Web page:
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How to Get Your Heart and Mind Healthy

Men’s heart health with a South Asian twist

by | Feb 25, 2021 | Get Active | 2 comments

Reading Time: 5 mins ( Word Count: 987 )

You’ve heard the songs. From a classic like “Dil Deewana” (Crazy Heart) to “Dil To Pagal Hai” (My Heart is Going Crazy) to something newer like “Dil Diyan Gallan” (Talking Hearts), they all talk about how the heart and mind are, you guessed it, crazy in love. While singing about how your heart, or mind, is in love is one thing. Let’s make sure you’re aware of the benefits of a healthy heart and how to keep yours in tip-top shape!

The mental benefits of having a healthy heart

Feelings of love aside, studies show that risk factors for cardiovascular disease such as high blood pressure, diabetes, and obesity are linked to poor brain health. This means that people with cardiovascular disease risk factors might also experience changes in how well their brain functions over time.

But guess what? Physical exercise may improve brain function and wellbeing. There are many ways to keep your brain active, just like there are many ways to keep your heart active! You don’t need to be like George St. Pierre to stay fit. Here are some easy ways to lower your risk of developing heart disease while keeping your brain healthy.

Heart-healthy activities for every day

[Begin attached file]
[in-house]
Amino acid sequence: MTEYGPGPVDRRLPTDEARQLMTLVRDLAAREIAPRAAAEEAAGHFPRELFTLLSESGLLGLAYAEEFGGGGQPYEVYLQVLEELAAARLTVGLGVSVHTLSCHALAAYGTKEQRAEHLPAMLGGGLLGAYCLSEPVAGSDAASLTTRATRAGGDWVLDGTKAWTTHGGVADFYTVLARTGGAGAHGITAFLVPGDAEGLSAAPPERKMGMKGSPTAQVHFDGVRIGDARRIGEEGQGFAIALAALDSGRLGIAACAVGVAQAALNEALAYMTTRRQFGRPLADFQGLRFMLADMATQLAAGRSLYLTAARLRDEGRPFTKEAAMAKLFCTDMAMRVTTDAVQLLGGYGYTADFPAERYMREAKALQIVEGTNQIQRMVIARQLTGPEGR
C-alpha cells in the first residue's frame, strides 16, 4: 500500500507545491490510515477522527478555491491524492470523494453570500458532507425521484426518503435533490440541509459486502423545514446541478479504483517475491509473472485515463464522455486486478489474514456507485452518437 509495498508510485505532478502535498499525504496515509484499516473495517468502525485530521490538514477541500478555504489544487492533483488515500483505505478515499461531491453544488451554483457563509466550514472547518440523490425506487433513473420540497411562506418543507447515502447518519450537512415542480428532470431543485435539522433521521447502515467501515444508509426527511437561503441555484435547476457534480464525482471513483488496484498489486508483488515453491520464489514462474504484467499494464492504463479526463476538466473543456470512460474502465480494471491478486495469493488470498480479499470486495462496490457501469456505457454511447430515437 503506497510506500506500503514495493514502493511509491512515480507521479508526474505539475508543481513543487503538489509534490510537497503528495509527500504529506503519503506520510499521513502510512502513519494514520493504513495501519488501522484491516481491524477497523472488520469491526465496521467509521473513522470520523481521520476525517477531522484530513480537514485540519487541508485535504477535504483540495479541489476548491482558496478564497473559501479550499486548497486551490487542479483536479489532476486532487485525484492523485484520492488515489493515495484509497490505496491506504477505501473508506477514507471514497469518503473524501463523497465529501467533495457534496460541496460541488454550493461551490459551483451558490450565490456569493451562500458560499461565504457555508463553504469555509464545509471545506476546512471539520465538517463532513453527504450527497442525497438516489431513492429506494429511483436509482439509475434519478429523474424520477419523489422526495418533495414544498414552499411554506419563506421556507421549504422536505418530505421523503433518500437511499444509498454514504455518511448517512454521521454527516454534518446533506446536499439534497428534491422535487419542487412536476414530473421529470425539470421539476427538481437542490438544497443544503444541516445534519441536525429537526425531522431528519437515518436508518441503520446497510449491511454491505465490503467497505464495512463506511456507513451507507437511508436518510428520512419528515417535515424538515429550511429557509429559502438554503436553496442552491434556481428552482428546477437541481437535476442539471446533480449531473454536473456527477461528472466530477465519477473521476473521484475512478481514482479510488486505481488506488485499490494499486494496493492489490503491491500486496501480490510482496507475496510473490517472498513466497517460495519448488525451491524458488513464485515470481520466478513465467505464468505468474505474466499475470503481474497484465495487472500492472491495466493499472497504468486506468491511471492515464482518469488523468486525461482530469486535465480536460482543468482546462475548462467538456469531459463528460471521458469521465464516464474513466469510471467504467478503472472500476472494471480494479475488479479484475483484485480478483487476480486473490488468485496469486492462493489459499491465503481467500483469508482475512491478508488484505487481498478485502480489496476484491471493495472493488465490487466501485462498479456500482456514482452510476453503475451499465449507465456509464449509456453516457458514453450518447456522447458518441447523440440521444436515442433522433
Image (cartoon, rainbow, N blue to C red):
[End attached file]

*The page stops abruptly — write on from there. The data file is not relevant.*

Heart-healthy push ups

Pump yourself up

With COVID-19 gym closures, getting some exercise can be as simple as using your own bodyweight to your advantage. Doing a few push-ups, sit-ups, or triceps dips and slowly introducing them into your daily routine will give your muscles the movement and strength they’re probably craving.

Walk the walk

Brisk walking for just 30 minutes a day can reduce blood pressure by 5%. Among other things like improving your ability to cope with stress, lowering your heart rate, and improving your sleep quality, walking may help to keep your brain healthy, too.

The two for one

Use daily chores as your exercise. Whether it’s shovelling snow, raking leaves, or organizing things around the house, every little bit of movement and physical exercise counts. Burn some calories by getting your heart rate up, and also help prevent your house from turning into a pigsty.

Oxygen: good for your heart, good for your mind

It’s good to get that O2! When you get moving, your heart pumps oxygen-rich blood around your body. Here are two things that oxygen does for you.

  1. When your brain has the oxygen it needs, the chances of stroke, cardiac arrest, and irregular heartbeat are reduced. Just like you wouldn’t enjoy being interrupted during “Hockey Night In Canada: Punjabi Edition,” our brain cells need an uninterrupted supply of oxygen to function correctly.
  1. Having oxygen-rich blood flowing through your body is the way to go. When your heart can’t pump enough oxygen and blood to the rest of your body, that may result in heart failure. This is another reason why staying physically active, eating a balanced diet, and maintaining heart health are so important.

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What’s a healthy heart rate?

A normal heart rate for healthy adults ranges from 60 to 100 beats per minute (bpm). A healthy heart rate depends on things like your age, gender, ethnicity, and lifestyle. Everyone is unique, so don’t try to compare your heart rate to other friends or family members. Try calculating your target heart rate using HealthLink BC’s interactive calculator.

Heart disease is preventable

South Asian people living in Canada have a higher frequency of hypertension (high blood pressure), type 2 diabetes, a higher percentage of body fat, higher carbohydrate intake, and lower physical activity levels when compared to Caucasian Canadians.